Sunday Streets does the same thing, no bicycle needed. It’s not like a street fair where the streets are closed for a temporary shopping mall or familiar entertainment arena. It’s more like the streets are opened for your regular activity, just without the cars. Thousands of people experienced car-free streets space for the first time; who knows what they will do with that knowledge, but it will probably be good!

IMG_4878.jpgPhoto: Myleen Holero

"It’s fixed space, which allows for fundamentally different kinds of conversations than you can have at Critical Mass," pointed out Chris Carlsson, also a participant in the first Masses.

Even the professionals at the Congress for New Urbanism are getting in on the act; a panel on promoting new urbanist principles included a presentation on the ability of Sunday Streets-type events to illustrate those principles best, i.e., experientially.

There are more parallels, but they are not infinite. Critical Mass has the unofficial sanction of the police; Sunday Streets has official sanction. Critical Mass started here and spread around the world; Sunday Streets owes its origins to the Ciclovía started in Bogotá, Colombia.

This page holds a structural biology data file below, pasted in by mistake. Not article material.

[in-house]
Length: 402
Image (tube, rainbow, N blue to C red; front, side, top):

The appeal of the event is truly global, as the events in the United States have held true to the original intent that goes beyond bicycling to public health, the creation of open space, and the promotion of social interaction.

What has changed is the name.

Miami has had “Bike Miami Days,” seven of them, more than any other city, since November of 2008. (San Francisco will earn that distinction with its eighth event September 6.) Portland has “Sunday Parkways” and New York has “Summer Streets.” El Paso changed the name of its event from “ciclovia” to Scenic Sundays.

Nobody I talked to was thrilled with the name, with the most common complaint, “why restrict it to Sunday?”

The Miami organizers, according to the event’s coordinator Kathryn Moore, are trying to come up with a new name that better reflects the event’s appeal to all Miamians, not just bike riders.